I am so looking forward to this weekend. I’ve been sick for what feels like ages and I’m *finally* feeling better, so I am hoping to get out of the house this weekend. I’m planning to go to the library and claim some of my prizes from the summer reading program and turn in my overdue books. Then I’m taking my husband out for a treat on Saturday. Sunday I might go visit my sister and Monday is a holiday here in Utah so we are planning a picnic or something.

Then I have a few reviews to post. I just finished Conspiracy by Lindsay Buroker. I also have two books by Robin Hobb that I haven’t reviewed, but I don’t even know where to begin! So many feels! I downloaded the 3rd in the trilogy, but I might not start it until Sunday or else I’d just stay indoors all day and read. (And that would be bad because….)

Hope you have a good weekend and happy reading!

Throwback Thursday

Today I thought it would be fun to do a throwback to an earlier year and do a list of things about that year. I asked one of my kids to pick a number between 1 & 47  and she picked 33. That

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Taken near Soldier Hollow

 

‘s the year 2002, so in the year 2002 here are a few things about me and what I was reading!

  1. That was the year of the Salt Lake Olympics!! My family as a group did not have tickets to any of the events, but my daughter did get to go with her class to the Biathlon at Soldier’s Hollow. She saw the Cross-Country Skiing. She mainly remembers it being so cold and the skiers moving too fast to see!
  2. OK, that fact wasn’t really about me, but this one is – Provo had a town Olympic Fair and we went to that. We got to go inside an ice castle and sit in an ice throne. We also got up REALLY early to see the Olympic Torch go by. My kids barely remember that, but again, remember it being super cold and being dressed up in so many layers they could hardly move.
  3. In honor of the Olympics, here are a few books I can recommend – Going for the Gold by Emma Lathen, also about the Winter Olympics, this time set at Lake Placid, a fictional mystery, featuring a banker whose firm  has invested heavily in the event. Also The Boys in the Boat, about a group of working class boys who competed against rich kids and made it to the Olympics in Berlin. And finally, Unbroken, a biography of Louis Zamperini whose Olympic training made it possible for him to survive in a Japanese war camp during WWII. Those two are both non-fiction.
  4. Besides the Olympics, I was a busy mom with three little kids at home, aged 10, 8, and 5. And what did we love? HARRY POTTER. Harry was everything at our house. We had HP birthday parties, Halloween, we read the books aloud, read them to ourselves, played with the trading cards, the kids played them at recess, we got the Legos, we were obsessed. (Unlike now, of course. Who am I kidding? We’re still obsessed.)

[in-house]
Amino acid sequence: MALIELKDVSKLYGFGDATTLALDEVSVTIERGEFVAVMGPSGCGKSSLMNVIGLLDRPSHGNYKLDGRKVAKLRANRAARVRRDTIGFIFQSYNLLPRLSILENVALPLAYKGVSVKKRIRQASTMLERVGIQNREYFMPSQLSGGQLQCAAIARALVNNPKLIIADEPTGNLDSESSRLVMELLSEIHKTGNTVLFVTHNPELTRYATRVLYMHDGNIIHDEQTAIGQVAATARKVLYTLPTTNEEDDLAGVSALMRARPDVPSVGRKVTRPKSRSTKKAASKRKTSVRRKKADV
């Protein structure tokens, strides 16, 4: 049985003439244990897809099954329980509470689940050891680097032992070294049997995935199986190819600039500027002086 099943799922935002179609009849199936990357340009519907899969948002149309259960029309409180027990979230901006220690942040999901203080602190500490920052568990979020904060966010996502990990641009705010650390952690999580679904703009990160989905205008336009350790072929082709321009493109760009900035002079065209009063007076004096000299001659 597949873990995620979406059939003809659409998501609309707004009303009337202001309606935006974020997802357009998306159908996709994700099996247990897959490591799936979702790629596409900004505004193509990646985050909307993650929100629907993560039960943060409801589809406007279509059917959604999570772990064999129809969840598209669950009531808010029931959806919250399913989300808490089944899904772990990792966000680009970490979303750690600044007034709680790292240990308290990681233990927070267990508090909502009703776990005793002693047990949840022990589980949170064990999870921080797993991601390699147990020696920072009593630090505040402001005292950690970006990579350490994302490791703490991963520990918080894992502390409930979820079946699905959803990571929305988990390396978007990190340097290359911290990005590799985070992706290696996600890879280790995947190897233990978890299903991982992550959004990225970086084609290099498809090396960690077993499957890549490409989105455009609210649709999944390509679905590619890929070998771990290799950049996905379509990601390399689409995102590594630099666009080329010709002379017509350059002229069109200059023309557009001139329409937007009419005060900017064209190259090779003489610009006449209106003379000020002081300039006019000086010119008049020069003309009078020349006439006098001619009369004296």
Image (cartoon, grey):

5. LOTR – That was the other book I was reading that year. I watched the movie The Fellowship of the Ring with my husband at the theater – which was a big deal, because I think we got a sitter and that was still pretty rare – and then I went home and borrowed his copy of the book. I loved the world Tolkien set up in LOTR, and I admire so much his ability to create characters, language, myths, gods, everything you need to really create a living world. He was extraordinary. Yes, he could have put a few more women in there and given more equal roles to the ones he did have, but he accomplished an amazing thing.
  6. Also this year, my husband had been laid off, so I was working one regular job and trying to sell books online and do mystery shopping. I was always tired. It is not my favorite time of life to look back on. But I was busy with a website, Bookcrossing.com. It’s a site designed to let you identify books with an ID number, release them in a public place, and then track where they wind up. But you can also trade them, and kind people send us books for my son’s birthday that year. He got Hardy Boys books, Thomas the Tank Engine, and some How Things Work books, all designed for a busy boy like him.

That’s my post for today and I’m tagging Flavia at Flavia the Bibliophile, Sarah at TheCritiquingChemist, and Jeyran at Review Tales. Pick your own year and tell us what you were doing and what you were reading. Have fun!